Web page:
By way of example, I have put a small annotation onto my personal web page ( To view it, go to and then ask the page to show you Alternatively, you can simply use the URL

In the second paragraph, you should see that the word "cats" has been highlighted. To see my comment, click on one of the highlighting tags that surround the word "cats".

Wikis and WikiWebs

Annotations are useful, but a bit limiting. What if we wanted to create a document in a "Bazaar" style, folding in contributions from a variety of authors? Public CVS repositories support this, to a degree, but they are a bit too formal and intimidating.

The "Wiki" concept was created by Ward Cunningham. Wikis make collaborative document trees easy to create, moderate (if desired), and use. To make users' lives easier, Wikis also provide services such as indexing and searching.

A "WikiWeb" brings this notion to the Web, making it available on a global scale. Wikis have been implemented in a variety of ways and are available for a wide range of topics. Some implementations store documents using CVS; others (including Ward's original WikiWikiWeb) don't.

The rules governing particular Wikis vary. Some allow anyone to edit pages; others restrict editing to certain parties. The balance between convenience and security is always a gnarly issue.

Wikis that are backed up (e.g., by CVS) are defended from permanent damage, because any changes can be backed out. Nonetheless, cleaning up after a determined wall-scribbler could still be a trial for the Wiki administrator.

One of the key strengths of the Wiki approach is that it's very easy for authors to create hyperlinks. Consequently, pages in a WikiWikiWeb tend to be very well connected.


IBIS (Issue-Based Information System) was conceived 30 years ago by Horst Rittel (and implemented on an Apple ][ :-). IBIS attempts to solve "Wicked Problems"; ones in which the problem definition is dependent on its solution.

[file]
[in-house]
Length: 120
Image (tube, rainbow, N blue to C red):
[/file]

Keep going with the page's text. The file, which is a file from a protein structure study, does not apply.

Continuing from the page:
The advantage of the IBIS approach is that it aids participants in defining problems and reducing the kinds of repetitive exposition that are all too common in less-structured forums.

IBIS uses a small set of document types to encode an entire discussion. Forcing the discussion into this format can be both tricky and exasperating, but it can pay off hugely in clarity.

In the terminology used by QuestMap (a commercial IBIS implementation, produced by Group Decision Support Systems), A "question" (e.g., "Which programming language should we use?") encapsulates a single, open-ended issue. An "idea" proposes a possible answer to the question (e.g., We should use Perl."). An "argument" (e.g., "Yes, it's very flexible." or "No, it's too slow.") justifies (or refutes) the position.

As the discussion proceeds, the participants define subsidiary questions, eventually creating a "tree" of argumentation. Each party is able to express an opinion on any topic, so there is little room for repetitive argumentation. A participant can tweak and tune his argument, be he cannot insert it into random parts of the tree.

IBIS under Wiki?

I have speculated about the possibility of using a Wiki to host an IBIS discussion. The Wiki model of pages and links could easily store the various IBIS document types. As the discussions grew in size, however, specialized tools (ala QuestMap) might be needed to navigate and manage the topic trees.

IBIS and Wiki are just two of the tools that are available to support collaborative work. Whole books and conferences, in fact, are devoted to the topic. So, if these ideas interest you, you're in luck; there's a lot of interesting things to read about, try out, and develop further!



Cunningham & Cunningham, Inc. (Ward Cunningham)
Public Wiki Sites
Wiki Wiki Web (aka dejanews)

Foresight Institute


Group Decision Support Systems
IBIS Manual
Wicked Problems
Working Papers

"Issues as Elements of Information Systems"
WP-131, 6-1-70
Horst J. Rittel & Werner Kunz
Institute for Urban and Regional Development
UC Berkeley

About the author

Rich Morin ( operates Prime Time Freeware (, a publisher of books about Open Source software. Rich lives in San Bruno, on the San Francisco peninsula.